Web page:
Accessibility Tools
Collateral Ligament (MCL / LCL) Tear/Reconstruction

Knee Anatomy

The knee is made of the femur (Thighbone) and the tibia (Shinbone) that are connected with ligaments to hold the bones together and stabilize the knee. Collateral knee ligaments are located on the sides of the knee. The medial collateral ligament (MCL) is on the inside, and the lateral collateral ligament (LCL) is on the outside of the knee. These ligaments control the ability of the knee to move sideways and brace the knee to prevent abnormal movement.

What causes MCL or LCL Injuries?

Most often they result from sudden knee impact caused by an auto accident or traumatic sports injuries. Sports like soccer, football, and skiing carry a high risk of MCL injuries.

MCL and LCL Injuries

Injury to the LCL and MCL don’t usually occur alone. In the majority of cases, the Anterior Cruciate ligament (ACL) is also involved.


  • Grade I: Microscopic injury and hemorrhage, mild pain and tenderness
  • Grade II: Partial tears of the medial collateral ligament, more severe pain, tenderness and instability or obvious looseness of the knee.
  • Grade III: Complete tear of the MCL, loss of function and severe pain.

What are the symptoms?


  • Pain
  • Stiffness
  • Swelling
  • Tenderness
  • Feeling that the knee may give way
  • Instability with knee extension
  • Difficulty going up and down stairs
  • Difficulty cutting or pivoting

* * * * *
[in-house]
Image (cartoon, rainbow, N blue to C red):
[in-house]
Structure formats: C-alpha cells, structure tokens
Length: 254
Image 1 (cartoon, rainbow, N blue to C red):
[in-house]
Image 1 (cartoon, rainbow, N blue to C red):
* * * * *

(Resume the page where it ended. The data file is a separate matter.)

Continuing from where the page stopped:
• Lateral joint pain and swelling


  • Feeling the knee may give way
  • Locking and catching in the joint
  • Numbness and weakness in the foot
  • Pain
  • Stiffness
  • Swelling and tenderness

How is it diagnosed?

Evaluation will include physical examination, discussion of how the injury occurred, and your symptoms. Special range of motion tests may produce pain but are needed to help Dr. Stark make a diagnosis. Imaging studies including x-rays, stress x-rays, and MRI may be ordered.

How are these injuries treated?

The type and severity of the injury will determine the treatment approach. Most ligament injuries do not heal on their own, except MCL ligaments which have a rich blood supply, which means they have good self-healing ability. Most isolated MCL injuries can be treated conservatively with bracing or casting, and early knee movement. But, LCL injuries do not heal well and may require surgery.

However, injury to the collateral knee ligaments often also involves another ligament injury. Multiple injuries will require surgery. Injury to either of these ligaments that causes a complete tear and side-to-side instability requires surgery. Surgery is very effective to restore side to side stability.

Depending on the severity of your injury, Dr. Stark may suggest a trial of nonsurgical treatment. This would include PRICE: Protection, Rest, Ice, Compression and Elevation, plus cold therapy, and early knee movement with a brace.

Studies continue to show that the best approach is ligament reconstruction (replacement) over repair because repair leads to a higher reoperation rate. Dr. Stark has offices in Carlsbad.